Comparison of Olympia oyster habitat restoration methods in Yaquina Bay, OR

To determine the efficacy of different methods of oyster habitat restoration methods in enhancing juvenile life-history traits, this study compared the settlement, growth and mortality of wild juvenile Olympia oysters among three shell treatments: (1) bagged shells and (2) loose shells, which are commonly used methods of oyster habitat restoration, and (3) rafted-line shells, which is a method used by the Oregon Oyster Farm of Yaquina Bay to commercially grow their Pacific oysters.

Comparison of larval development in domesticated and naturalized stocks of the Pacific oyster Crassostrea gigas exposed to high pCO2 conditions

Ocean acidification (OA) has had significant negative effects on oyster populations on the west coast of North America over the past decade. Many studies have focused on the physiological challenges experienced by young oyster larvae in high pCO2/low pH seawater with reduced aragonite saturation state (Ωarag), which is characteristic of OA. Relatively few, by contrast, have evaluated these impacts upon fitness traits across multiple larval stages and between discrete oyster populations.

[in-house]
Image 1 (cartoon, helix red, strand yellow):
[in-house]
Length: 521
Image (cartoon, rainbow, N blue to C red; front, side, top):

Analysis of stress factors associated with KHV reactivation and pathological effects from KHV reactivation

Koi herpesvirus (KHV) is a highly pathogenic virus of common carp and koi. KHV becomes latent in recovered koi or exposed koi without symptoms, and the latent infection can reactivate under stress conditions. KHV reactivation from latency often occurs when water temperature rapidly rises above 17 °C. Dissolved O2 is lower at ≥17 °C than at non-stress temperatures ≤15 °C.

Development of a PCR assay to detect cyprinid herpesvirus 1 in koi and common carp

Cyprinid herpesvirus 1 (CyHV1) infects all scaled and color varieties of common carp Cyprinus carpio, including koi. While it is most often associated with unsightly growths known as ‘carp pox,’ the underlying lesion (epidermal hyperplasia) can arise from a variety of disease processes. CyHV1-induced epidermal hyperplasia may occur transiently in response to water temperature, and thus histopathology cannot be used in isolation to assess CyHV1 infection status.

Detection of ORF6 protein associated with latent KHV infection

Koi herpesvirus (KHV) is highly pathogenic to Cyprinus carpio. KHV can also become latent in recovered fish and reactivate from latency under stressful conditions. Understanding KHV latency is important for development of strategies against herpesvirus latent infection. Our previous studies found KHV ORF6 mRNA is detectable during latent infection. In this study, ORF6 protein expression was investigated by a polyclonal antibody specific to ORF6 peptide.